Merging a family sitcom with the sci-fi universe, Milwaukee’s Dan Harmon and co-creator Justin Roiland knew they had something special with "Rick and Morty" that airs on Monday nights on the Cartoon Network. The rest of the nation thought it was special, too, tuning into enough episodes to give the show a second season.
"I am excited to make as much ‘Rick and Morty’ as Adult Swim allows, and I'm relieved to be in a time slot of no strategic value to CBS," Harmon said, pointing out the network with the strongest primetime ratings … and a constant fight his other show, "Community," has to deal with over at NBC.
The half-hour animated show is about a crazy scientist who takes his less-than-smart grandson on some dangerous adventures.
When I chatted with Roiland back in December, he said that everyone was excited about the show’s possibilities as part of the Cartoon Network’s offerings aimed at adults, called "Adult Swim."
"I am humbled and super excited by the positive response to the show, and we have no shortage of ideas for future episodes," Roiland said.
Since the show’s launch, it has done better than programs on MTV, FX, Comedy Central and Nick at Night, and has grown its audience among adults 18-34.
"It's fun and incredibly rewarding. Each episode is so different from the next," Roiland said.
The show has a layered sensibility, which is part of its brilliance. The animation, while it may be considered crude, offers a wide-open canvas that the writers use to full advantage.
Rick, the sociopathic scientist, has been missing for 20 years, but lands at his daughter’s home. The daughter welcomes him in, despite concerns of her husband, and he converts the family garage into a lab. His crazy, and dangerous inventions are used to take his grandson Morty and granddaughter Summer on adventures.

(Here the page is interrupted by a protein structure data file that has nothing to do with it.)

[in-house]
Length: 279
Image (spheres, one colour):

As the formula works, everything is wrapped up in roughly 27 minutes. And, as Harmon and Roiland have proven, the formula worked for a second batch of shows which will start airing this month.
MORE MELTDOWN: The Miles O'Brien report on Japan's recovery after a horrific meltdown of a nuclear facility that I wrote about earlier this month was postponed to talk about the injury the journalist sustained while on that reporting trip. PBS "NewsHour" instead aired an interview with O’Brien to discuss life after his emergency surgery and amputation.
"After leaving Japan, (O’Brien) traveled to the Philippines for other upcoming stories. There, he dropped a heavy camera case on his left arm. The injury became life-threatening. And, during emergency surgery, Miles’ left arm was amputated above the elbow," Judy Woodruff reported.
The special on Japan’s tsunami triggered meltdown can now be found on the show’s Science Page.
WRITING PROJECT: On Monday, "NewsHour" will deliver a report on a program working with the homeless and incarcerated teens overcome trauma by writing poetry. Jeffrey Brown and U.S. Poet Laureate Natasha Trethewey visit the King County Juvenile Detention Center near Seattle to meet participants in the Pongo Project.
The program is the brainchild of Richard Gold, a writer and former Microsoft employee who has spent much of his life volunteering to help children write from the heart about difficult experiences.
"My brother started writing poems in prison. He told me it was about making something out of the bad situation he was in. To make a poem out of that situation felt like, the act of creation, a triumph over the experience," Trethewey said.
Media is bombarding us everywhere.
Instead of sheltering his brain from the onslaught, Steve embraces the news stories, entertainment, billboards, blogs, talk shows and everything in between.
The former writer, editor and producer in TV, radio, Web and newspapers, will be talking about what media does in our community and how it shapes who we are and what we do.